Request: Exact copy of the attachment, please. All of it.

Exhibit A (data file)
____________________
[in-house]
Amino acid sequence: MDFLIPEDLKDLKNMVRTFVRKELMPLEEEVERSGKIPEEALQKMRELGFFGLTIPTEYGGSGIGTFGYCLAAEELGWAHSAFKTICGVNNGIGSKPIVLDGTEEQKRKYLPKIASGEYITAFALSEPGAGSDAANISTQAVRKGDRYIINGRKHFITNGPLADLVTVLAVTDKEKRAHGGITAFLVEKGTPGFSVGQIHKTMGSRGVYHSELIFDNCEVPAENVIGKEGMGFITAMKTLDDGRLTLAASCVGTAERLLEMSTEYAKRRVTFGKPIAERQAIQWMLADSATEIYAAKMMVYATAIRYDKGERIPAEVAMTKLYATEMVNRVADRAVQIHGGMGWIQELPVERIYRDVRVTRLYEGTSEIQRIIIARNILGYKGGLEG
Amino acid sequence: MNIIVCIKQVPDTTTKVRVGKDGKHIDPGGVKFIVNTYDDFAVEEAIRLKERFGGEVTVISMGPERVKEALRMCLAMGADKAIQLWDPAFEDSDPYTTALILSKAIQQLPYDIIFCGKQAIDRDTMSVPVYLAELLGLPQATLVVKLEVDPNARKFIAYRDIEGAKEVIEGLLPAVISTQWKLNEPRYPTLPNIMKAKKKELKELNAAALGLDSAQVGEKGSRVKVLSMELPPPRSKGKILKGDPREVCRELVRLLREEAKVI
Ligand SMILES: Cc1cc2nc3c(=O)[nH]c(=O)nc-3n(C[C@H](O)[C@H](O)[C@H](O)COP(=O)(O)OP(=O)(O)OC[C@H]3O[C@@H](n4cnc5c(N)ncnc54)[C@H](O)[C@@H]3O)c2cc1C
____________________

[in-house]
Amino acid sequence: MDFLIPEDLKDLKNMVRTFVRKELMPLEEEVERSGKIPEEALQKMRELGFFGLTIPTEYGGSGIGTFGYCLAAEELGWAHSAFKTICGVNNGIGSKPIVLDGTEEQKRKYLPKIASGEYITAFALSEPGAGSDAANISTQAVRKGDRYIINGRKHFITNGPLADLVTVLAVTDKEKRAHGGITAFLVEKGTPGFSVGQIHKTMGSRGVYHSELIFDNCEVPAENVIGKEGMGFITAMKTLDDGRLTLAASCVGTAERLLEMSTEYAKRRVTFGKPIAERQAIQWMLADSATEIYAAKMMVYATAIRYDKGERIPAEVAMTKLYATEMVNRVADRAVQIHGGMGWIQELPVERIYRDVRVTRLYEGTSEIQRIIIARNILGYKGGLEG
Amino acid sequence: MNIIVCIKQVPDTTTKVRVGKDGKHIDPGGVKFIVNTYDDFAVEEAIRLKERFGGEVTVISMGPERVKEALRMCLAMGADKAIQLWDPAFEDSDPYTTALILSKAIQQLPYDIIFCGKQAIDRDTMSVPVYLAELLGLPQATLVVKLEVDPNARKFIAYRDIEGAKEVIEGLLPAVISTQWKLNEPRYPTLPNIMKAKKKELKELNAAALGLDSAQVGEKGSRVKVLSMELPPPRSKGKILKGDPREVCRELVRLLREEAKVI
Ligand SMILES: Cc1cc2nc3c(=O)[nH]c(=O)nc-3n(C[C@H](O)[C@H](O)[C@H](O)COP(=O)(O)OP(=O)(O)OC[C@H]3O[C@@H](n4cnc5c(N)ncnc54)[C@H](O)[C@@H]3O)c2cc1C